Before we get started on some of the processes I use, there are some key terms we need to know.

How are odds displayed for golf betting?

There are three main ways to display betting odds: decimal odds, fractional odds, and American odds.

In decimal odds, the amount is the total amount returned for every $1 bet. A $1 bet at odds of $10.00 will return $10.00. This is your original $1 stake plus $9 of profit.

In fractional odds, it is a ratio such as 14/1 (fourteen-to-one). They represent the profit won if the bet cashes. A $1 bet at those odds would return $15, being $14 of profit and the original $1 staked.

American odds vary whether a +/- sign is in front of the odds. Odds with a positive sign in front indicate the profit won on a $100 bet. +700 indicates that a bet of $100 will return $800, being the original $100 staked and $700 of profit.

If there is a negative sign in front of the number, this indicates the amount you would need to bet to win $100 of profit. Odds of -200 mean you would bet $200 to win $300 ($100 of profit plus the original stake). You will not often find these odds in golf pre-tournament other than in match-ups between two golfers.

Being based in New Zealand, I tend to use decimal odds when I provide my golf betting tips. I also denote my bets in units or points (pts). This means you can invest the amount that you feel comfortable spending.

What are the main types of golf bets I can make?

There are a few main markets that make up the majority of golf bets.

Outright Winner: Does what is says on the tin. You are betting the golfer to win the tournament.

Top Finish: Betting on a golfer to finish within specified number of places from the top of the leaderboard. Most bookmakers will release Top 5, Top 10, and Top 20 markets for each tournament. Many will even offer Top 30 or Top 40 markets, which can be a good option for betting outsiders.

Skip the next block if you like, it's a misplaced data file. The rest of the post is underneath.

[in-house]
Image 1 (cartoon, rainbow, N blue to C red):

Be aware that most bookmakers will apply dead-heat rules to such bets. This means if you place a Top 10 bet and your golfer ties for 10th exactly with 4 other golfers, your odds will be divided by 4.

Match-Up Bets: These bets typically pit two golfers against each other. They can be placed across the entirety of the tournament or occasionally for a single 18 hole round.

Prop Bets: Of course, there are also a large variety of prop (short for proposition) bets to investigate. For example, will there be a hole-in-one at the tournament? It is best to avoid these, especially when you first start in golf betting. They can be fun, but also are more unlikely to be predictable nor profitable.

What are Each-Way Golf Bets?

Many bookmakers, especially outside of the USA, will offer each-way (E/W) bets for golf. This bet actually consists of two bets: the golfer to win the tournament and the golfer to place. The place terms are always displayed. The most common place terms currently are 5 places at 1/4 odds and 8 places at 1/5 odds. Note that dead-heat rules will also apply if your player ties for the exact number of places on offer.

These provide great value and present you with better place odds compared to a typical top finish market. Think of it as a reward from the bookmaker for also making a win bet alongside your place bet.

For example, you pick Rory McIlroy to win a tournament. You take him at $20.00 E/W with place terms of 5 places at 1/4 odds. If McIlroy wins the tournament, you would collect both the win bet and the place bet. However, say McIlroy finishes in 3rd place. You would then win the place portion of your bet. In this instance, $20.00 divided by 4 would return place odds of $5.00. However, pre-tournament his Top 5 finish odds may only have been $3.50. You gave yourself the opportunity to cash an outright win ticket, but also were rewarded with better place odds as a result.

What is Implied Probability?

Implied probability converts betting odds into a percentage. It indicates what the bookmakers believe to be the chance of a result occurring. You can calculate implied probability using the following formula:

(1/ decimal odds) * 100 = implied probability

There are also various websites that will perform this calculation for you.

For example, the odds for Jon Rahm are $20.00 (19/1 or +1900) to win a particular golf tournament. The bookmakers are saying they believe Rahm has a 5% chance to win the tournament.

What is Expected Value?